Intermittent androgen deprivation for asymptomatic prostate cancer?
Androgen deprivation therapy was introduced for men with painful metastatic prostate cancer⇑. Treatment soon shifted to asymptomatic men with rising concentrations of prostate specific antigen (PSA) who would have more to lose from serious side effects. So, in 1999 researchers launched a trial to test intermittent therapy—eight months of treatment with a luteinising hormone releasing hormone agonist, followed by a variable length of time off until PSA concentrations reached an upper threshold. Treatment breaks made no discernible difference to overall survival during nearly seven years of follow-up when compared with continuous treatment or orchidectomy (estimated median survival 8.8 v 9.1 years; hazard ratio for death during intermittent treatment 1.02, 95% CI 0.86 to 1.21). Results for quality of life were harder to interpret, although intermittent treatment was associated with improved libido, fewer hot flushes, and better control of urinary symptoms.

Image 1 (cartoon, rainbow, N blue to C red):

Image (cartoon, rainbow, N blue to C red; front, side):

Researchers recruited 1386 men with rising concentrations of PSA but no metastases after definitive radiotherapy for prostate cancer. Participants had a mean age of 74 years, and almost three quarters had a prostate gland that felt normal on rectal examination. Just over one third (524/1386) died during follow-up. Only 197 men died from prostate cancer, however, and a linked editorial questions how many asymptomatic men with this kind of profile need androgen deprivation at all? We don’t yet know, and this trial can’t tell us, writes the editorial’s author (p 945).
Childhood budesonide has a small but lasting effect on height
Between 1993 and 1995, 1041 children with asthma began a randomised trial that compared inhaled glucocorticoids with nedocromil or placebo⇑. More than a decade after the end of the trial, the authors measured their adult height and found that those given inhaled budesonide were slightly but significantly …